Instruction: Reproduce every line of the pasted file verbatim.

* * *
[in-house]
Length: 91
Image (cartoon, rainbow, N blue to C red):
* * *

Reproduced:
[in-house]
Length: 91
Image (cartoon, rainbow, N blue to C red):